Luton Town

Some articles on luton town, luton, town:

Lathaniel Rowe-Turner - Career - Luton Town
2012, he joined Conference National side Luton Town, managed by Paul Buckle who had brought Rowe-Turner to Torquay in 2010 ...
Luton Town MIGs - Background - Luton: Operation Spoonbill
2000, on the fifteenth anniversary of the Luton riots, a group calling themselves "MIGs 2000" were blamed for revenge attacks on Millwall fans when the two teams met at Kenilworth Road ... to be sons of the original 1970s BOLTS crew members - the first active Luton Town football hooligan firm ... They were said to want revenge with the attitude of, "They've trashed our town once they're not doing it again." The police launched a huge match day ...
List Of Luton Town F.C. Players - Notable Players - Notes
... League appearances and goals sourced to Collings, The Luton Town Story 1885–1985 ... ended up to and including 1997 sourced to Bailey, The Definitive Luton Town F.C. ... d 2 ... Other appearances and goals sourced to Bailey, The Definitive Luton Town F.C ...
List Of Luton Town F.C. Players - Footnotes
... ^ Bob Morton holds the records for most Luton Town appearances in both the Football League (495) and in all competitions (562) ... ^ Gordon Turner holds the records for most Luton Town goals scored in both the league (243) and in all competitions (276) ... a b With five England caps, Paul Walsh shares the record for most England appearances by a Luton Town player with Bob Hawkes ...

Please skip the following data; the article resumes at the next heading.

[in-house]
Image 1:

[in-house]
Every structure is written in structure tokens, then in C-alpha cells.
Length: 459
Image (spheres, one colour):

List Of Luton Town F.C. Players
... Luton Town Football Club is an English football club based since 1905 at Kenilworth Road, Luton, Bedfordshire ... Founded in 1885, Luton Town became the first professional team in southern England six years later and joined The Football League in 1897 ... After leaving the League in 1900 due to financial strife, Luton Town competed in the Southern League until Football League membership was regained 20 years ...

Famous quotes containing the word town:

    No annual training or muster of soldiery, no celebration with its scarfs and banners, could import into the town a hundredth part of the annual splendor of our October. We have only to set the trees, or let them stand, and Nature will find the colored drapery,—flags of all her nations, some of whose private signals hardly the botanist can read,—while we walk under the triumphal arches of the elms.
    Henry David Thoreau (1817–1862)